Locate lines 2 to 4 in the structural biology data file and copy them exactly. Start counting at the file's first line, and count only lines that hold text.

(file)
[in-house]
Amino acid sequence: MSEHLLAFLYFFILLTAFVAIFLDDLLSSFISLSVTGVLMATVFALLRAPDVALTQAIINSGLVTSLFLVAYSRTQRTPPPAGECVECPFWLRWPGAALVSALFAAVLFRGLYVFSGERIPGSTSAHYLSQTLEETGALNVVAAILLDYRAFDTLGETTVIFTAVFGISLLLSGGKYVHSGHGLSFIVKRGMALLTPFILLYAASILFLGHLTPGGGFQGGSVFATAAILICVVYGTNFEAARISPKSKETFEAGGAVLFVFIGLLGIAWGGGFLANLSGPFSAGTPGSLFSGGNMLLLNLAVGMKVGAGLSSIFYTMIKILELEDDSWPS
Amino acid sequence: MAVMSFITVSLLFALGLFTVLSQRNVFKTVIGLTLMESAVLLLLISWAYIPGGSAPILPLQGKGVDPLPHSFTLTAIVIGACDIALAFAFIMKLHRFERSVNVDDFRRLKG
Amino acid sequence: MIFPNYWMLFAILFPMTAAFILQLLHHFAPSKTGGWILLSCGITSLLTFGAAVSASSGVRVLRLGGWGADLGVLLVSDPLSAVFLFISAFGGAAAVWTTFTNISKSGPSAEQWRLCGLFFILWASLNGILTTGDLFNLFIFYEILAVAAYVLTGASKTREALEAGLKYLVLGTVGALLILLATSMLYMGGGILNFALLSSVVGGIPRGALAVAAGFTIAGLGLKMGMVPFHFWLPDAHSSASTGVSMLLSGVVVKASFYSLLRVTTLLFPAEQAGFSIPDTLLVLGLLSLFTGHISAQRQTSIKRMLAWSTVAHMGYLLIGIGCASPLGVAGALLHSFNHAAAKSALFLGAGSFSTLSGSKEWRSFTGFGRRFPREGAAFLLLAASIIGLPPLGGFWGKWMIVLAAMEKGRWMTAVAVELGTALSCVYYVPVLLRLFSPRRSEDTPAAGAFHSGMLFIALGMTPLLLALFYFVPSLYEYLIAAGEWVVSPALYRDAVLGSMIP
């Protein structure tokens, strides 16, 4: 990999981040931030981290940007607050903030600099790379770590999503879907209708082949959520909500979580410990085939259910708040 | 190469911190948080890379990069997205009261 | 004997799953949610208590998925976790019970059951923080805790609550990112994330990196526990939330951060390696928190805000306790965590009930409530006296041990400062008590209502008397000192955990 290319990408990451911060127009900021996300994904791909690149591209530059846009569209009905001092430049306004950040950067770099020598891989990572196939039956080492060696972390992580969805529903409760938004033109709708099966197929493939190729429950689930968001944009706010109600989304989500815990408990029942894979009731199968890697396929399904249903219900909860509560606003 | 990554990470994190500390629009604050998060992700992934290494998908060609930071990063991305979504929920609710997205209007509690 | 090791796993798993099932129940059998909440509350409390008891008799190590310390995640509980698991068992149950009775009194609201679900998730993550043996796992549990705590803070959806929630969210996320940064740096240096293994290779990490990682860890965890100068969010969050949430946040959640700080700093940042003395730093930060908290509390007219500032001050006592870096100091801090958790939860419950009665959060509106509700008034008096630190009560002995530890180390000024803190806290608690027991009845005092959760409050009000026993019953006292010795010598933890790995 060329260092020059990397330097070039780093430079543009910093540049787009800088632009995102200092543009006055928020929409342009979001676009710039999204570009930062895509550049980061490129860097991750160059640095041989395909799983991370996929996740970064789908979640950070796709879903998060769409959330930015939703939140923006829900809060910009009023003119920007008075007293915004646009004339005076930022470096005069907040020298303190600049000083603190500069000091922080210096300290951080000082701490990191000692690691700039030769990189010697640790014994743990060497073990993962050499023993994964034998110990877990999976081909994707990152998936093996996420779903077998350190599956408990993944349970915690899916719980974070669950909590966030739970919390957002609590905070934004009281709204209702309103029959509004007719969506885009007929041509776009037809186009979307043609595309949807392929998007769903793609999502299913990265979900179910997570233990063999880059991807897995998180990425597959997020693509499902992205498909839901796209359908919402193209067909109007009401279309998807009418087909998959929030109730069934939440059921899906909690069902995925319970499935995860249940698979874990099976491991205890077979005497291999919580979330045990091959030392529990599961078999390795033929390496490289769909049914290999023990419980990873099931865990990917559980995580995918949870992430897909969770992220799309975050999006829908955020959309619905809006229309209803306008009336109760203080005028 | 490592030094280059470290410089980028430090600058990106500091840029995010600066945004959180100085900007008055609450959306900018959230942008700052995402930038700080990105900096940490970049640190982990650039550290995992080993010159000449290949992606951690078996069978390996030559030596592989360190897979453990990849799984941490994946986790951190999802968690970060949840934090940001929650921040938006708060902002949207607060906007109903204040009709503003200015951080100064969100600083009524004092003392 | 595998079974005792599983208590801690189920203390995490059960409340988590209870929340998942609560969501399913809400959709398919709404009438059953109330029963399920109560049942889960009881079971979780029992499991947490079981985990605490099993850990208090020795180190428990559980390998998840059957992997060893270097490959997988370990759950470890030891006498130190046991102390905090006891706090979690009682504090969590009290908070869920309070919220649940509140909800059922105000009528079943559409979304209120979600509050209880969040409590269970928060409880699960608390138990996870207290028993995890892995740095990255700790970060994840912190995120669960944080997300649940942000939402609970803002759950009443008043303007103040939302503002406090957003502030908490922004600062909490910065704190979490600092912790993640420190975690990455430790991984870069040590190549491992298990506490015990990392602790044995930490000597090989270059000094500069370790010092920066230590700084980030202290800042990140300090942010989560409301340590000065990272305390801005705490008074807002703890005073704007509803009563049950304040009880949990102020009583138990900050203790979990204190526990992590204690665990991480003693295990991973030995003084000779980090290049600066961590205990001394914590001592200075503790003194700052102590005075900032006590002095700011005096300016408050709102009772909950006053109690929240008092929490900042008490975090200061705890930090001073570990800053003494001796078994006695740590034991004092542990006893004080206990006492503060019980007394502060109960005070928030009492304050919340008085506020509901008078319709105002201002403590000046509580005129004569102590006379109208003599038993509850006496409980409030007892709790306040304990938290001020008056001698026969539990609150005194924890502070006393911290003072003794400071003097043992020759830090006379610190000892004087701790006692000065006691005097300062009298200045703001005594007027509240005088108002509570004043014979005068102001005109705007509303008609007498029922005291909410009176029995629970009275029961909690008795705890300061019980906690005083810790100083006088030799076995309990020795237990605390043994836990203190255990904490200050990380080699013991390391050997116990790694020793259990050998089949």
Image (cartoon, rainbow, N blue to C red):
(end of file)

Amino acid sequence: MSEHLLAFLYFFILLTAFVAIFLDDLLSSFISLSVTGVLMATVFALLRAPDVALTQAIINSGLVTSLFLVAYSRTQRTPPPAGECVECPFWLRWPGAALVSALFAAVLFRGLYVFSGERIPGSTSAHYLSQTLEETGALNVVAAILLDYRAFDTLGETTVIFTAVFGISLLLSGGKYVHSGHGLSFIVKRGMALLTPFILLYAASILFLGHLTPGGGFQGGSVFATAAILICVVYGTNFEAARISPKSKETFEAGGAVLFVFIGLLGIAWGGGFLANLSGPFSAGTPGSLFSGGNMLLLNLAVGMKVGAGLSSIFYTMIKILELEDDSWPS
Amino acid sequence: MAVMSFITVSLLFALGLFTVLSQRNVFKTVIGLTLMESAVLLLLISWAYIPGGSAPILPLQGKGVDPLPHSFTLTAIVIGACDIALAFAFIMKLHRFERSVNVDDFRRLKG
Amino acid sequence: MIFPNYWMLFAILFPMTAAFILQLLHHFAPSKTGGWILLSCGITSLLTFGAAVSASSGVRVLRLGGWGADLGVLLVSDPLSAVFLFISAFGGAAAVWTTFTNISKSGPSAEQWRLCGLFFILWASLNGILTTGDLFNLFIFYEILAVAAYVLTGASKTREALEAGLKYLVLGTVGALLILLATSMLYMGGGILNFALLSSVVGGIPRGALAVAAGFTIAGLGLKMGMVPFHFWLPDAHSSASTGVSMLLSGVVVKASFYSLLRVTTLLFPAEQAGFSIPDTLLVLGLLSLFTGHISAQRQTSIKRMLAWSTVAHMGYLLIGIGCASPLGVAGALLHSFNHAAAKSALFLGAGSFSTLSGSKEWRSFTGFGRRFPREGAAFLLLAASIIGLPPLGGFWGKWMIVLAAMEKGRWMTAVAVELGTALSCVYYVPVLLRLFSPRRSEDTPAAGAFHSGMLFIALGMTPLLLALFYFVPSLYEYLIAAGEWVVSPALYRDAVLGSMIP